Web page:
Micro, small and medium enterprises (MSMEs) are a vehicle for development and generate almost half of jobs in the formal forest sector globally. They are key to local economies, generating significant livelihood and employment opportunities. Yet the recent economic crisis triggered by the COVID-19 pandemic has shown the vulnerability of MSMEs to sudden market developments.
If MSMEs are encouraged to adopt legal and sustainable sourcing and processing practices, they can be part of the solution to reducing deforestation and forest degradation.
Growing their capacities, business performance and access to legal timber will allow these enterprises to participate in supply chains destined for regulated markets. This would in turn make them more resilient as businesses, with the potential to alleviate rural poverty and reduce impacts from crises such as COVID-19.
To this end, EFI has explored approaches that help forest- and timber-based MSMEs in the Mekong region to operate legally and sustainably. In six pilot projects in four countries – Laos, Myanmar, Thailand and Vietnam – EFI tested solutions to some of the key challenges that MSMEs face: low productivity and operational capacity, lack of formal registration and operating licences, and poor representation in policy processes.
EFI’s pilots demonstrate the importance of regulatory revisions for resolving key challenges to MSMEs, and the need for interventions targeting these enterprises to integrate business continuity planning. Crucially, supporting MSMEs to access finance is critical to support them to rebuild after COVID-19, and to operate legally and sustainably.
https://forestsmallholders.org/wp-content/uploads/2022/04/Family-run-workshop-Lamphun-Thailand.jpg6291200Forest Smallholdershttps://forestsmallholders.org/wp-content/uploads/2022/04/ForestSmallholders_WebLogo_Tagline_3lines-12.svgForest Smallholders2020-08-27 11:42:002022-04-18 09:05:38Supporting forest- and timber-based MSMEs in the Mekong region to operate legally and sustainably
The EU FLEGT Facility has published a story describing how farmers in Thailand are starting to reap the benefits from international timber trade talks between Thailand and the European Union.
Until recently, forest laws put limitations on farmers around the harvesting and transportation of certain tree species. Organisations such as the Private Forest Plantation Cooperative Limited – a cooperative of tree growing farmers and private land owners – used the trade talks to push for amendments to forest laws to improve the situation for farmers.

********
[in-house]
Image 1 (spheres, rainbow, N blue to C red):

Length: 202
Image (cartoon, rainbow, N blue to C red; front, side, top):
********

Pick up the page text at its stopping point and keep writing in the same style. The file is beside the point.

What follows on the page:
In 2019, the Thai Government changed regulations regarding the use of trees on private land. Farmers can now legally harvest all trees on their land and get additional income from them without burdensome paperwork and/or field inspections.
https://forestsmallholders.org/wp-content/uploads/2022/04/Mangkol-Wandee-measures-tree-Thailand-VPA.jpg6281200Forest Smallholdershttps://forestsmallholders.org/wp-content/uploads/2022/04/ForestSmallholders_WebLogo_Tagline_3lines-12.svgForest Smallholders2020-04-02 11:53:002022-04-18 09:17:53Trees give small farmers in Thailand access to loans
Reclaimed timber is contributing to Thailand’s local economy and becoming an important livelihoods source. Timber from old houses that have come to the end of their lifecycle are being bought by traders and turned into a thriving business.
The reclaimed timber supply chain started more than 10 years ago but was overlooked and unrecognized. Since a range of regulatory obstacles were removed, bureaucratic processes are being simplified and will contribute to a decrease in corruption. In turn, the earning potential for the Small and micro Economic Entities (SmEs) in Thailand that trade in this timber will have a significant boost.
https://forestsmallholders.org/wp-content/uploads/2022/04/dismantling-old-wooden-house-thailand-flegt.jpg6281200Forest Smallholdershttps://forestsmallholders.org/wp-content/uploads/2022/04/ForestSmallholders_WebLogo_Tagline_3lines-12.svgForest Smallholders2019-09-18 15:57:002022-04-15 10:52:17Old wood becomes a source of legal timber in Thailand
About the Forest Smallholders Project
Since 2016, the European Forest Institute (EFI) has been supporting wood-based micro, small and medium enterprises (MSMEs) in four Mekong countries to operate legally and sustainably. Under its Forest Smallholders Project, EFI has been testing solutions to MSMEs’ key challenges in pilot projects. Lessons learnt from these pilots are documented and disseminated nationally, regionally and internationally. Through its support to MSMEs, the Project promotes gender equality and women’s economic empowerment in the forest sector.
This website has been produced with support from the Swedish International Development Cooperation Agency. The contents of this website are the sole responsibility of the authors and can under no circumstances be regarded as reflecting the position of funding organisations.